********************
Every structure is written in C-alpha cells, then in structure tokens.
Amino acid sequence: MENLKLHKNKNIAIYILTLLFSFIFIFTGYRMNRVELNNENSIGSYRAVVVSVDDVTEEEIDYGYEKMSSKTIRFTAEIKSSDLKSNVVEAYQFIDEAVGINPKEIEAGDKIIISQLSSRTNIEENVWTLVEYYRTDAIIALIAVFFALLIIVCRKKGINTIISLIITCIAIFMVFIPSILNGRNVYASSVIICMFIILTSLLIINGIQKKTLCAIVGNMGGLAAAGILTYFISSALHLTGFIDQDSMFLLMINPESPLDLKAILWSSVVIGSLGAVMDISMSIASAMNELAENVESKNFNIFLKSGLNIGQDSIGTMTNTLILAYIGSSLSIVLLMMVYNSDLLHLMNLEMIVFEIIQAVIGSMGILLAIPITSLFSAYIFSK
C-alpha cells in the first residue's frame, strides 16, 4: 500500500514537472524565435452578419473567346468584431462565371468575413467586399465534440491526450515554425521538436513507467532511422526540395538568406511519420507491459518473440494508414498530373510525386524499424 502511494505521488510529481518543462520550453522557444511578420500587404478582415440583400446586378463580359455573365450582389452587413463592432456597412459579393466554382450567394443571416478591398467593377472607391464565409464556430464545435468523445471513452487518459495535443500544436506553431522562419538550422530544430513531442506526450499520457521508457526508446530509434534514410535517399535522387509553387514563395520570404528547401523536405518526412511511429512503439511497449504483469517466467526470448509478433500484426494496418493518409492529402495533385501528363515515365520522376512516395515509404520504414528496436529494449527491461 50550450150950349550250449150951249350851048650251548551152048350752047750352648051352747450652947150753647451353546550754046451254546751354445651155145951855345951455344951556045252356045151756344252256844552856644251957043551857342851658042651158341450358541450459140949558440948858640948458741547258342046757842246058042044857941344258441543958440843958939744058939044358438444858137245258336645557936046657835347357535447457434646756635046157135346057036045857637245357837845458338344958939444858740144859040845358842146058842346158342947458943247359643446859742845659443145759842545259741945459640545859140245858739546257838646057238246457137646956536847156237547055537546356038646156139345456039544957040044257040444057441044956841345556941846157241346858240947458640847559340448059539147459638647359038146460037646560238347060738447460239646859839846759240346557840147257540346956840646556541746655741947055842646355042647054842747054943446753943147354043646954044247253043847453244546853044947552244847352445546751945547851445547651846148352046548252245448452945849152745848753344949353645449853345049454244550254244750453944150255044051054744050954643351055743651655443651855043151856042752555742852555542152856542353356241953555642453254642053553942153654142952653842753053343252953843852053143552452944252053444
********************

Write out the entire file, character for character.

Every structure is written in C-alpha cells, then in structure tokens.
Amino acid sequence: MENLKLHKNKNIAIYILTLLFSFIFIFTGYRMNRVELNNENSIGSYRAVVVSVDDVTEEEIDYGYEKMSSKTIRFTAEIKSSDLKSNVVEAYQFIDEAVGINPKEIEAGDKIIISQLSSRTNIEENVWTLVEYYRTDAIIALIAVFFALLIIVCRKKGINTIISLIITCIAIFMVFIPSILNGRNVYASSVIICMFIILTSLLIINGIQKKTLCAIVGNMGGLAAAGILTYFISSALHLTGFIDQDSMFLLMINPESPLDLKAILWSSVVIGSLGAVMDISMSIASAMNELAENVESKNFNIFLKSGLNIGQDSIGTMTNTLILAYIGSSLSIVLLMMVYNSDLLHLMNLEMIVFEIIQAVIGSMGILLAIPITSLFSAYIFSK
C-alpha cells in the first residue's frame, strides 16, 4: 500500500514537472524565435452578419473567346468584431462565371468575413467586399465534440491526450515554425521538436513507467532511422526540395538568406511519420507491459518473440494508414498530373510525386524499424 502511494505521488510529481518543462520550453522557444511578420500587404478582415440583400446586378463580359455573365450582389452587413463592432456597412459579393466554382450567394443571416478591398467593377472607391464565409464556430464545435468523445471513452487518459495535443500544436506553431522562419538550422530544430513531442506526450499520457521508457526508446530509434534514410535517399535522387509553387514563395520570404528547401523536405518526412511511429512503439511497449504483469517466467526470448509478433500484426494496418493518409492529402495533385501528363515515365520522376512516395515509404520504414528496436529494449527491461 50550450150950349550250449150951249350851048650251548551152048350752047750352648051352747450652947150753647451353546550754046451254546751354445651155145951855345951455344951556045252356045151756344252256844552856644251957043551857342851658042651158341450358541450459140949558440948858640948458741547258342046757842246058042044857941344258441543958440843958939744058939044358438444858137245258336645557936046657835347357535447457434646756635046157135346057036045857637245357837845458338344958939444858740144859040845358842146058842346158342947458943247359643446859742845659443145759842545259741945459640545859140245858739546257838646057238246457137646956536847156237547055537546356038646156139345456039544957040044257040444057441044956841345556941846157241346858240947458640847559340448059539147459638647359038146460037646560238347060738447460239646859839846759240346557840147257540346956840646556541746655741947055842646355042647054842747054943446753943147354043646954044247253043847453244546853044947552244847352445546751945547851445547651846148352046548252245448452945849152745848753344949353645449853345049454244550254244750453944150255044051054744050954643351055743651655443651855043151856042752555742852555542152856542353356241953555642453254642053553942153654142952653842753053343252953843852053143552452944252053444